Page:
Minneapolis leaders respond to Gov. Pawlenty’s Budget Cuts
June 16, 2009 (MINNEAPOLIS) - Following are statements from Minneapolis Mayor R.T. Rybak and City Council President Barb Johnson on Governor Pawlenty’s action today to cut funds to cities across Minnesota:
Mayor Rybak statement:
"Today Governor Pawlenty has made his choices about how to cut the state budget. I deeply disagree with the governor because his choices will hurt many people. The governor has offered no plan for putting people to work, only for cutting jobs during a tough economy, and has offered no strategy for fixing a broken state budget that continues to lurch from deficit to deficit.
Earlier this year, we revised our 2009 city budget based on the cuts we anticipated the Governor would make. Because we did that, the City of Minneapolis will not need to make any more cuts to our budget in 2009. This is exactly how we have faced budget challenges before. Over the past several years while the state has been lurching from fiscal crisis to fiscal crisis, Minneapolis has eliminated nearly $90 million in debt, controlled our spending much better than the state, and made city services more efficient. As a result, we have balanced our budget every year and for years to come.
I deeply disagree with Governor Pawlenty’s choices, but as Mayor I have a job to do and that job is to preserve and create jobs and keep my city safe. People are looking for solutions and we are going to find solutions. It won’t be easy, but we have made tough decisions before and we will do it again:
• These cuts mean the loss of thousands of jobs in healthcare, our largest job sector, so my job will be to work with our employers and training facilities to grow and preserve jobs. The city budget we adopted left every job program in tact and we are delivering even more jobs for youth this summer.
• These cuts mean fewer funds for police officers, so my job will be to keep our city safe and maintain the gains we’ve made in reducing crime for more than two years in a row. Public safety will remain our top budget priority.
• These cuts mean the state budget will still be in deep structural deficit for years to come, so my job will be to continue to keep Minneapolis fiscally sound with less debt and a healthy budget reserve. We will not follow the state’s fiscal example of short-term fixes that create long-term problems. We will continue long-term planning that pays down debt and controls spending.
Because of the economic growth strategy we have in place, the City of Minneapolis is positioned to create jobs, grow locally-based industries and compete in a global marketplace. Although Governor Pawlenty has made it more difficult for us to create jobs and turn the economy around. It means we will work even harder to look beyond these cuts to build a stronger economy and a safer region."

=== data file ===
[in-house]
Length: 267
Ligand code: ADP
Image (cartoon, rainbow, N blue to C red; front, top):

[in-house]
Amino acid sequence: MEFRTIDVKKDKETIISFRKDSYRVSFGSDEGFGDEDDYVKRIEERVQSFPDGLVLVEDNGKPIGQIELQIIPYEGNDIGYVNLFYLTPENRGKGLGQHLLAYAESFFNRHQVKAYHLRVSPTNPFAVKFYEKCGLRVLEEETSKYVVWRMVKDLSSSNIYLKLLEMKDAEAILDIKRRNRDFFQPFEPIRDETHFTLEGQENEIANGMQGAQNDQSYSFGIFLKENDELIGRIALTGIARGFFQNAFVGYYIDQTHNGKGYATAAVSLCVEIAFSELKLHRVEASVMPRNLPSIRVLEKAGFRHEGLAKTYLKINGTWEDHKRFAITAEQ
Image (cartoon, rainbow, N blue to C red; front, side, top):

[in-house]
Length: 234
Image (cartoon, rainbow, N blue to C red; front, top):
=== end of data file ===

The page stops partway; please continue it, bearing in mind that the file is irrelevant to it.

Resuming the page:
City Council President Johnson statement:
"Unlike the State, the City of Minneapolis has addressed its financial challenges head-on by paying down debt, doing long-term financial planning, and delivering services more efficiently. If the State had been as disciplined about managing its finances as we have been, they wouldn’t be in this situation."
"It is important for everyone to understand that cuts made by the Governor are massive and will be felt by every Minnesotan, and unfortunately those cuts still will not solve the State’s budget problem. Since 2003 the Governor has cut more than $50 million from the fund Minneapolis uses to pay for police officers and firefighters. The people of Minneapolis contribute much more to the state in taxes than we get back, and once again, the Governor has chosen to take the State’s financial problems and pass them on to cities across Minnesota. As local governments, we provide direct services to our residents and visitors—unlike the State, we can’t pass those cuts on to someone else. That’s means we’ll have to continue to make tough choices."
"Minneapolis, like many other cities across the state, won’t just be affected by direct cuts in funding to cities. Cuts to higher education and healthcare will also hit those two fields hard, and as some of Minneapolis’ biggest employers, the region’s economy will suffer."
Published Jun. 16, 2009